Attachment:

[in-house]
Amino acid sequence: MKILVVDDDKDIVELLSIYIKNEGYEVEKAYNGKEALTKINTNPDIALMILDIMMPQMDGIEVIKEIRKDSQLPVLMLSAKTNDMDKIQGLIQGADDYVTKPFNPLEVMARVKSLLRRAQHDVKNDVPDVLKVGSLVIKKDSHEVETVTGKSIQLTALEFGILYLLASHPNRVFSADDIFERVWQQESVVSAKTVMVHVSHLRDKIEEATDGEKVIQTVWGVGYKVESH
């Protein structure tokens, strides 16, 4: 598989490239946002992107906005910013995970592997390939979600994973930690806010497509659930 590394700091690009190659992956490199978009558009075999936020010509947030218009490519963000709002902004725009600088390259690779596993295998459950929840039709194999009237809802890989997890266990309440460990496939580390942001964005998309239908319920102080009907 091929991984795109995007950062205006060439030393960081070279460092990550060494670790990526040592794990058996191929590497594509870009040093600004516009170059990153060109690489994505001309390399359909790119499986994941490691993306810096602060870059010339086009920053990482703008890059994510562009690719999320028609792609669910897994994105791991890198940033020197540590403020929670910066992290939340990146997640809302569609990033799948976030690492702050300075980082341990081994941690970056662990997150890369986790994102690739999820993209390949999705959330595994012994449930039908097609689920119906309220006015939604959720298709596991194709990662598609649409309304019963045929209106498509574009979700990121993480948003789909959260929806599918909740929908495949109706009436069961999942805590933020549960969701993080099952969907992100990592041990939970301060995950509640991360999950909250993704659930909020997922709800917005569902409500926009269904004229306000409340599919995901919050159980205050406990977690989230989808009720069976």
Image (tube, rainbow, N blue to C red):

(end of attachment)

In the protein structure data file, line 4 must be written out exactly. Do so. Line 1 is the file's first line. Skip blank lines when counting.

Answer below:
Image (tube, rainbow, N blue to C red):